Information for the new or leisure cyclist Information for the racing or touring cyclist Cycling initiatives, routes etc.
Information and advice for advance touring or racing cyclists
Technical
Terminology
Fit your bike
Advanced bike fitting
Body pains explained
Cadence
Braking at speed
Leaning in turns
Some major Tours
Bike Line
Legal lighting
Cycle Training
Introduction
Different cyclists
Stretching
Weight training
Strength training
Heart Rate training
Cross training
Turbo training
The Training Diary
Nutrition for Cycling
Weight control
How much to eat
Main energy sources
Increasing caloric output
Effects on digestive tract
Factors affecting digestion
Optimal cycling diet
Nutrition for common rides
Post ride nutrition
Performance enhancers 1
Performance enhancers 2
Final considerations
Road Racing
Cyclo-X
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Introduction
Bikes and equipment
Events
Velodromes

MTB

Setting your bike up
Braking and descending
Cornering
Hill climbing
Lifting the front wheel
Lifting the rear wheel
Tips for women
On the trail kit
Setting Your Bike Up

The correct interface between rider and bike is a crucial foundation for developing good, or even great, riding skills. The key is to sort out your three contact points: the saddle; pedals; brakes and handle bars. The set up of your saddle and pedals primarily effect "power" while the handle bars are (obviously) all about control.

1. Sit on it

Seat height is all about pedalling efficiency and has nothing to do with being able
to touch the ground while sitting in the saddle. To find the right height - put on your party dress - err no I mean your cycling shoes, leap on your bike, prop yourself against a handy wall and place one heel on the pedal at its lowest point while keeping your pelvis square on the saddle. Your leg should be straight. Now try back pedaling with both heels resting on the pedals. The whole arrangement is a bit high if your pelvis rocks from side to side with each stroke.

There's an allen bolt under your seat to adjust its angle. Men tend to find a horizontal setting most comfortable, whereas women prefer to angle the nose down slightly.

The same bolt lets the saddle slide backwards and forwards on its rails - the central position is about right for most people. For techno freaks, spin your cranks to the horizontal position and use a plumb bob to line up the back of your knee cap with the ball of your foot.

Choose a comfortable saddle. It's an individual thing requiring trial and hopefully not too much error. Beware of the big softie. Shape, base material and rail flex determine comfort - not the amount of foam on top. Women should consider a specific women's model. There are an increasing number on the market - they tend to be narrower in the front, softer in the nose and wider at the back to better suit a women's pelvis shape. Be careful it's not so wide that you cannot easily slide over the back of the seat for steep descents.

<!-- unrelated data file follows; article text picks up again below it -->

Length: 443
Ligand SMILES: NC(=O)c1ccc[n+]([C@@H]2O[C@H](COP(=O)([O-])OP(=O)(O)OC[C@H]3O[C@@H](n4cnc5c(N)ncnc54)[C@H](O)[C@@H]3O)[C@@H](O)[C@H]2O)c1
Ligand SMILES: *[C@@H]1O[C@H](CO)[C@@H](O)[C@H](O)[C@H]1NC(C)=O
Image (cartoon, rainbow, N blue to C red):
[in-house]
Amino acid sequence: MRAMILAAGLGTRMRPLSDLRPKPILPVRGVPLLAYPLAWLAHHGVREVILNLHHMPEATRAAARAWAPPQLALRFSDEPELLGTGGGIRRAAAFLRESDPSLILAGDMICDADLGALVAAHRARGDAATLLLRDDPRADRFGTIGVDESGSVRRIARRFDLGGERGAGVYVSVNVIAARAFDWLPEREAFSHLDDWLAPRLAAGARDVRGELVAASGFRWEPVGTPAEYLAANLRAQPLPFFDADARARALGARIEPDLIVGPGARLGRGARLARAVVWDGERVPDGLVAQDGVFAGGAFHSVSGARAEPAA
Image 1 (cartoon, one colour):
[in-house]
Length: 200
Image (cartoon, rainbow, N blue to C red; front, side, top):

2. Power to the Pedals
The secret to efficient pedalling is an even cadence, pushing down on one pedal while pulling up with the opposite one. Tightening your toe straps helps achieve this. The ultimate solution though is to score some clipless pedals. You click in and out of these a bit like a ski binding. They can be a bit daunting to come to grips with but I reckon are worth an extra gear, or about 10%, in pedalling power. When setting up your cleats or toe clips, you want the pedal spindle to be under the ball of your foot.

Cycling shoes have a stiff sole which effectively provides a large platform to push on, allowing you to comfortably apply plenty of power to the pedals. They're a must if you go for clipless pedals.

Cranks come in different lengths - the standard is 175mm. Riders with shorter legs should consider 170mm cranks which require less flexion and extension of your leg muscles to complete a rotation.

3. Braking
One finger braking. With modern brakes you only need to use one or at the most two fingers to arrest the progress of your lively mount. Think of your hands performing two independent functions:

Controlled riding in difficult terrain is only possible by performing these two functions independently. You'll probably need to move your brakes towards the centre of the bars so your inside fingers can easily grab the brake at the outside for maximum leverage. This can make combination brake/gear shifters slightly more difficult to reach but is an acceptable compromise in my opinion.

Brake lever angle - try them angled down at about 45 to begin with, then jump on your bike and work the brakes - adjust them up or down until it feels most comfortable.

If you have smaller hands then adjust the brake levers closer to the handle bars by tightening the bolt under the brake mechanism.

The distance from saddle to handle bars should be comfortable, ie. not too cramped or over stretched when riding. This distance will be correct if you have the right size frame. It can be adjusted with different length stems but this does change the bike's handle. Keep within a range of 110-130mm.

Your handle bars should be around 25-75mm lower than the top of your seat (lower bars are better for hill climbing, higher is better for descending and is more comfortable for your back). Adjust handle bar height by using a stem with a different rise (-5 to 25) or placing spacers under the stem. An easy option for raising the height is to use downhill bars.

Indulge Yourself
Cash therapy is always available to the dedicated mountain biker with loads of lightweight, shiny, trick bits to adorn your bike with. Anything made from Titanium Grey or with CNC on the label will assist your quest for featherlight performance and make you feel like a million bucks when you hit the trail.

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